MIT professor’s book digs into the eclectic, textually linked reading choices of people in medieval London.
As World War II drew to a close, a major concern of researchers was the suspension of activity by the Office of Scientific Research and Development (OSRD), which the government had created to oversee defense and medical research. But in March 1946, the government executed a contract with MIT under the sponsorship of a tri-service committee, which consisted of the Army Signal Corps, the Office of Naval Research and the Air Materiel Command. The contract awarded RLE its first research funding in addition to surplus Radiation Laboratory equipment. This Joint Services Electronics Program (JSEP) was essential in maintaining the momentum created by the Radiation Laboratory.
Much of RLE's first research funded by JSEP carried over from the Radiation Laboratory. The initial emphases were on microwave and physical electronics coupled with the basic study of microwave physics, and communication science and information theory. Today, JSEP in RLE focuses on fundamental studies of electronical and optical processes. An important emphasis is not only the development of scientific understanding, but also the construction of novel theoretical and experimental tools to produce and observe the phenomena under study.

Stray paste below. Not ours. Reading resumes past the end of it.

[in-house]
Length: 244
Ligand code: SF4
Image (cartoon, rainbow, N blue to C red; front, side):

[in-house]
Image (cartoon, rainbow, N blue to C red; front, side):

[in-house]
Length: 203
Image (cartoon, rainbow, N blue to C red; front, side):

The results under JSEP complement achievements in industry, the Department of Defense, and other JSEP-funded academic laboratories. JSEP at RLE has continued since 1946, making it the oldest sponsored research program at MIT as well as the federal government's oldest university-based sponsored research program.
A version of this article appeared in MIT Tech Talk on October 30, 1996.